- Make a plan the night before
Taking the time before bed to meter out tomorrow’s tasks can relieve some of the early morning decision-making stress on your brain, allowing you to slip easily into productivity. Sorting the list in order of priority from highest to nearly optional can also help ensure the essential tasks don’t get pushed until the end.
2. Make your bed
Beginning your day with this simple accomplishment helps create a transition point in your day, signaling to your brain and body that it’s time to shift into the day.
3. Begin with a grounding activity
Taking ten minutes to stretch, sit in stillness, and set your intentions for the day will provide serious long-term benefits, especially if you can make a point to connect back to these intentions periodically throughout the day. Taking this mindful approach can help you stay in control of your attitude, inevitably increasing your productivity as you are able to keep moving forward positively.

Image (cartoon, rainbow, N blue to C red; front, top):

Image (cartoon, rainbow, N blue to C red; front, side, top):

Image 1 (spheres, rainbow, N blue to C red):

4. Breaking for lunch
With more remote workers than ever before, the lines between our personal and professional lives are increasingly blurred, challenging us to increase our boundaries in return. I’ve found that breaking for lunch and sitting outside, reading a book, or even taking a brief nap helps me to re-focus for the second half of my work day; allowing me to recoup my energy for the tasks that still lie ahead.
5. Taking the time to appreciate what did get done
It can be easy at the end of each day to look at the to-do items that lie untouched, the projects that took longer than we expected, the mess that still has to be cleaned. However, it’s crucial to be compassionate with yourself and appreciate the effort you put in, regardless of what the outcome may be. Acknowledging your hard work helps inspire you to continue putting more in.
Image from Harry Harris’ Alice in Wonderland 1985